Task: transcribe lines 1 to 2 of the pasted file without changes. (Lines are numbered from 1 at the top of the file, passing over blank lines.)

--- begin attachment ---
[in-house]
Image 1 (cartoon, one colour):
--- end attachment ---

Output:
[in-house]
Image 1 (cartoon, one colour):